Bill Lewis likes to think about how Safford, Arizona, may have been the inspiration for the layout of Disneyland.
“Walt Disney used to come here to premiere his cartoons at the Safford Theatre,” said Lewis, an annuities and investments agent. “And the story goes that one time he looked down our main street and he said to somebody, ‘Hey, this looks like what I want to do when I build Disneyland.’ He liked the long, old-fashioned street that ended at the courthouse.”
Lewis recalls that celebrities routinely hung out in Safford, three hours southeast of Phoenix.
“Roy Clark used to come here and perform at the Matador,” he said of the town where he’s lived his whole life and where, for the past 14 years, he’s spearheaded the restoration of the theater Walt Disney often visited.
He wanted to save and restore the theater because it represents something bigger than just another fancy old historic building, Lewis said recently. “That theater represents the history of our life here in Safford. It’s who we are and how we grew up and what that means to us. This was a wonderful place to grow up.”
The theater sat empty and in ruins until a partnership between the Gila Valley Historic Preservation Committee and Safford’s own Downtown Association joined forces in 2017, with plans to refurbish the theater. The Safford had screened its last film in 1975, and closed for good in the 1980s, after a fire destroyed much of the interior.
Built in 1911 as an open-air venue, the theater was renovated only a few months later into a traditional enclosed playhouse. “They put a roof on it and remodeled the inside. It was the only theater in Safford,” Lewis explained. “Louie Long bought it in the 1920s, and he had it after that. He was famous for owning radio stations and movie theaters all over the state of Arizona.”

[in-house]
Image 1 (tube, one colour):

Saffordites David and Susan Duros bought the once-grand movie house several years ago, with the intention of tearing it down. But once they ripped down the newish facade and found the intricate plasterwork of the original playhouse underneath, they folded. “After that, they knew they couldn’t tear it down,” Lewis said. “They donated it to Gila Valley Historic Preservation.”
Lewis, then a member of the Gila Valley organization, got busy putting together a restoration committee. He had his reasons.
“I used to go there with my grandmother. Everybody went to that theater. It cost 10 cents to go to the show back in those days. I grew up here, I was born here, and I like history.”
He raised restoration funds by selling theater courtyard bricks for $50 each, and a United Way grant for $84,000 helped move things along. Next up, Lewis hired an attorney to resolve the dozen different liens against the theater, then commenced restoration with a fancy new marquee out front.
“That’s when we found out that even in a small town, you don’t just go ahead and do things. We put the marquee up and about three hours later someone from the city turned up and said, ‘You can’t do that without a permit. Take it down.’”
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Lewis, who hasn’t done a restoration project before, said his colleagues in the renovation are attempting to restore the theater as close to period-correct as possible. He and his fellow restorationists hunted down antique scrollwork, banisters, and lighting fixtures from places as far away as the U.K. and Australia.
“Also Detroit,” he clarified.
The newly renovated space will offer an outdoor theater for live performances, a movie screen, a courtyard, and an indoor performance stage. Out front, there’ll be a ticket booth, a concession stand, and renovated restrooms.
The project is important to him and to Safford. “Like they say, you should leave the world a better place,” he explained. “If you can point to a beautiful old building and tell your kids a few of the stories you went through there, that’s a good thing.”